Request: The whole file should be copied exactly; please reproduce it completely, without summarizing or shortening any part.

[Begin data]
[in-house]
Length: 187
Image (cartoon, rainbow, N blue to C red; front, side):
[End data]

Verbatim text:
[in-house]
Length: 187
Image (cartoon, rainbow, N blue to C red; front, side):